How long have you been with BCLS and what drew you to the community legal sector?
Emma C: I began volunteering at BCLS in early 2016 for the Seeking Refuge Project. I’m drawn to the community legal sector as I appreciate that in the public sector the focus is always directed to our clients first and we’re working ‘for the people’.
Emma M: I’m a third year Social Work student from Deakin, and I’m on placement at BCLS from Jan 31st till June/July 2018.
What experience do you bring to the role?
Emma C: I have gained knowledge in the areas of child protection, immigration, planning and environments and media/arts law through my various volunteering experiences whilst at university.
Emma M: Not much being my first placement! But I work with young people with disabilities in residential care, who have experienced and/or witnessed severe family violence, trauma, abuse and neglect which has resulted in an impact on their brain development.
What is the best aspect of your role and what is the most challenging?
Emma C: The best aspect is getting to work with like-minded people and getting to assist a diverse range of clients. The most challenging is when there is nothing you can really do to assist a client to resolve their situation. Having to explain this to some clients is difficult as they may not be able to understand the complexity of the legal system and for some it is both distressing and frustrating when they realise just how difficult certain aspects of the system can be.
Emma M: The best thing is that I am surrounded by a wealth of knowledge from everyone in the organisation, so I know my learning experience is going to be huge. I’ve already learnt so much about both social work and the legal setting. The most challenging is probably being the small fish in the big pond!
Tell us one of the highlights of your time at BCLS so far.
Emma C: Definitely getting to work with unauthorised maritime arrival clients through the Seeking Refuge Project. They all have harrowing stories yet are some of the hardest working, kind and optimistic people I have ever met. Working with them always leaves me with a smile on my face, as they are so appreciative of even of the smallest things in life and tend to put everything into perspective.
Emma M: All the cakes!! and everyone being so friendly and welcoming!
Why did you decide to become a lawyer/social worker?
Emma C: I have always wanted to have a career that involved helping others and one that worked to bring about a positive change, both of which I believe can be achieved through working in the legal profession.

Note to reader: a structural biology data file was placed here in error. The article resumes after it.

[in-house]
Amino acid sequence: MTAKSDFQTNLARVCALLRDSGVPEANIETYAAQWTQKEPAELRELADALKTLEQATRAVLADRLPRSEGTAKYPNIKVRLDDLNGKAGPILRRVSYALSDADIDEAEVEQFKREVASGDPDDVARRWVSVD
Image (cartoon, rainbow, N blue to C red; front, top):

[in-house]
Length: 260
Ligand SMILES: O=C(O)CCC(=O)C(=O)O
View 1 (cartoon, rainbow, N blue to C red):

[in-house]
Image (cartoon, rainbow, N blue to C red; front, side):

Emma M: To be able to push for social justice and equality for people, and work in a role that gives back to people in the community.
What do you wish other people knew about working in a CLC?
Emma C: It is not a straightforward lawyering role. Our work often extends far beyond dealing with our client’s legal issues. We all often also have to play the roles of educator, researcher, counsellor and sometimes even motivational speaker amongst others.
If you weren’t a lawyer/social worker what would you be?
Emma C: A florist, musical theater performer or doctor!
Emma M: Full time stay-at-home Dog-Mum. Or in the Police.
When you’re not at the office where can we find you?
Emma C: Either spending time with my family and friends, enjoying the outdoors or driving to and from Melbourne!
Emma M: Binge watching TV series and eating a block of chocolate. Or at F45 attempting to work off the chocolate consumption.
What book can you read over and over again?
Emma C: The Delirium Series by Lauren Oliver
Emma M: Can’t remember the last time I read a book (oooops) but I do watch “Friends” an unhealthy amount (literally almost every day for the past 6 or so years).
If you had $1,000,000 to donate, who would you give it to?
Emma C: I would donate the majority to causes assisting asylum seekers/immigrants, mental health research and environmental conservation as these are the areas closest to my heart.
Emma M: My mum!
What is the best piece of advice you have ever been given?
Emma C: It would either be ‘trust the process’ or ‘just because you don’t share the same opinion as someone else, doesn’t mean that yours is right and theirs is wrong. There is no right or wrong, just different.’
Emma M: Too many to think of one! Probably just the importance of looking after yourself and doing what makes you happy in life.
If you were going to write a book about BCLS what would you call it?
Emma C: Laws, Love and Laughs.
Emma M: Suits and other scary stuff